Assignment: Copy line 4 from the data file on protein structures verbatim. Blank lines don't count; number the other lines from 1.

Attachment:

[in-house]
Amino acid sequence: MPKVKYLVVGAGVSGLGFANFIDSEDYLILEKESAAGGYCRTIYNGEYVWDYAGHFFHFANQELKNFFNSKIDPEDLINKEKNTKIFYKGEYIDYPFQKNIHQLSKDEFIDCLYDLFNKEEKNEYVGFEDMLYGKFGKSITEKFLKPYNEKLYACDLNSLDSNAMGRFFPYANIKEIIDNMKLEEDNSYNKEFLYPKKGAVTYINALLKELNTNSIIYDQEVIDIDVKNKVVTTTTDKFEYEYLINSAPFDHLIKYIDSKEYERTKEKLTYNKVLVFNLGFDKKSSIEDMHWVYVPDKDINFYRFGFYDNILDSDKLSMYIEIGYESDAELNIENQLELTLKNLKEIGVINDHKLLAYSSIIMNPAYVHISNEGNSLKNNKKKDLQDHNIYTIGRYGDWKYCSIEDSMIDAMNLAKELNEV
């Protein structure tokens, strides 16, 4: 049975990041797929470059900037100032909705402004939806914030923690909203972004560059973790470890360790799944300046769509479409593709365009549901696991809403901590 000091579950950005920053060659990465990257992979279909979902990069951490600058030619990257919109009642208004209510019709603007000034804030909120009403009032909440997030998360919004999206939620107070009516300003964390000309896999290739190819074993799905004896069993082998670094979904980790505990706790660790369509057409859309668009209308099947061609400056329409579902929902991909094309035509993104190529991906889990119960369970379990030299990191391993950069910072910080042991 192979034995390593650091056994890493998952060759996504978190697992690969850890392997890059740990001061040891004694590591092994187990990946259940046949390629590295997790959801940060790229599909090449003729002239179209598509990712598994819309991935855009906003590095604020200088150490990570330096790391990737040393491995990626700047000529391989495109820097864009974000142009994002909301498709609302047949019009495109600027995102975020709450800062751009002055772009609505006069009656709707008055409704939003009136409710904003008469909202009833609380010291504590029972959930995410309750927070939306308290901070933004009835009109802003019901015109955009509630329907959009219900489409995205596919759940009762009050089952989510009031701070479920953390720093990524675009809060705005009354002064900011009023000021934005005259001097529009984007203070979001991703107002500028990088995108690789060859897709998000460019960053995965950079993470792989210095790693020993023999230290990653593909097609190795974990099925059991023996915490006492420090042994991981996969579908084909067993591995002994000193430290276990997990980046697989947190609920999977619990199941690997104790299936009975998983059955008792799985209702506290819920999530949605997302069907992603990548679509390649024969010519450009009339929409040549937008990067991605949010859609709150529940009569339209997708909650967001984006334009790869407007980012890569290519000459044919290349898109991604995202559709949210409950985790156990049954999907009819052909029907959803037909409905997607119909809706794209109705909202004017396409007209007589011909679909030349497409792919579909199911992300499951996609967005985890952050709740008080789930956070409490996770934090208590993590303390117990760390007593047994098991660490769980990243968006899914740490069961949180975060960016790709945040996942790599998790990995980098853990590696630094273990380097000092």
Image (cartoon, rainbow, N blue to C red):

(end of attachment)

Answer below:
Image (cartoon, rainbow, N blue to C red):